Following all double-blind medication trials, the attending physicians reviewed the reports, and identified the benefits and drawbacks of this method of reporting. Children and their parents were also interviewed. All data on the intervention were used to revise the medication management system before it was made into the commercial product.
FIG. 14 shows an exemplary screen display for the ADHD video game. A car 290 is positioned at a starting line 292 on a roadway or racetrack 294. A traffic signal 296, having a red light 298, an amber light 200, and a green light 202, is prominently displayed. As each visual delayed reaction task is generated, micro-processor-based unit 110 (FIG. 3) causes sequential illumination of red light 198, amber light 200, and green light 202. Amber light 200 serves as the warning stimulus, with green light 202 providing a trigger stimulus after a randomly generated time delay that is within the time delay range that was established when the visual delayed reaction test being executed was established by the clinician or the administrator having control over the diagnostic testing.
During the audio delayed reaction tests, the three lights of traffic light 200 in FIG. 14 are extinguished and program instructions that are stored in external memory unit 112 (FIG. 3) result in generation of suitable audio warning and trigger stimuli by sound generator 162 of FIG. 4.
In arrangements having sufficient memory and sound generation capability, the words "ready . . . set . . . go" are used with the time interval between "set" and "go" being a random value within the range of values selected when a clinician established the diagnostic procedure. Two tones that are clearly distinct from one another also can be used for the warning and trigger stimuli. The currently preferred realizations of embodiments of the invention that are directed to diagnostic assessment of ADHD provide for both visual and audible continuous performance tests. In each test a sequence or series of events occurs for which the patient or user is to respond by activating a predetermined switch or control such as the control switches 144 in the arrangement of FIG. 4.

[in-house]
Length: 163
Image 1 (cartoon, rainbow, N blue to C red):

The continuous performance test used in the currently preferred embodiments of the invention are performance-paced in that the interstimulus stimulus interval (i.e. the time that elapses between consecutive stimuli) is reduced by a predetermined amount each time a correct response is made and is increased by the same or a different predetermined amount if an improper response occurs (i.e. the user responds to a non-target stimulus or fails to respond to a target stimulus).